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TVD Live: Honeyblood and Jenna Fournier at the Grog Shop, 7/25

PHOTOS: ORIANA BELAVIC | Potential can be a real bitch sometimes. When you have potential, you have the tools to succeed and have a level of talent that is far above your peers. You’re right there and you can see success over the horizon. However, on the flip side, that horizon is so far away. Forget the hard work and all the bullshit to get to the place you want to be, sometime there’s just dumb luck and breaks that need to happen to get there.

Last Friday night at the Grog Shop, I saw two acts that I would bet on making it on the music scene—Honeyblood and Jenna Fournier.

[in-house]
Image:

I swear this Honeyblood thing is going to happen. However, you’d never know from their show at the Grog Shop that this is a band I’d be ready to bet on. The club wasn’t packed or raucous by any means; sparsely attended with a good number of those people being friends/family of the two local openers.

But while watching Honeyblood play, it all makes sense why you could see them reach an impressive level of success and is a band worthy of your attention.

First of all, sonically they are completely infectious and their sound takes you back to the distorted oasis that was the ’90s. It’s a fuzzy and crunchy mix of alt rock with hooks that are catchy as hell. Singer/guitarist Stina Tweeddale (bonus point for an awesome name) has a bubblegum sweetness to her voice that makes every song approachable, but there’s a smirk or darkness that lays just around the corner of every word. Drummer Shona McVicar provides a simple backbone and adds layers of harmonies that bring the songs to life.